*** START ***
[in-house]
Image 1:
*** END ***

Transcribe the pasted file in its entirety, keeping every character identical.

[in-house]
Image 1: